New research has dispelled the conventional logic that adults are better equipped to resist junk food advertisements than children.
The study, published this week in Public Health Nutrition, interviewed 2000 Australian adults and children, and found that adults were also highly influenced by television and Internet advertising.
Health Promotion Evaluation Unit Director Professor Simone Pettigrew said the study results were particularly significant for public policy addressing childhood obesity, questioning the ability for parents to responsibly evaluate and filter the effects of advertising.
“Adults are thought to have greater immunity to advertising effects relative to children due to their greater cognitive processing abilities,” she said.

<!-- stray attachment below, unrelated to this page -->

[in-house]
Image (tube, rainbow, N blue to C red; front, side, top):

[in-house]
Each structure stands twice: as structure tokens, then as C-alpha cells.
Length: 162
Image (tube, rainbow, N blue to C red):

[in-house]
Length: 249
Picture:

“As a result, existing food advertising regulations are focused primarily on limiting children’s exposure to advertisements for junk food. But these regulations don’t take into account the broader influence of the sheer quantity of junk food ads, which has the potential to normalise the consumption of these foods in a social sense.
“The results of our study indicate that advertising can lead both parents and children to evaluate these products more favourably and influence how desirable and acceptable they are.”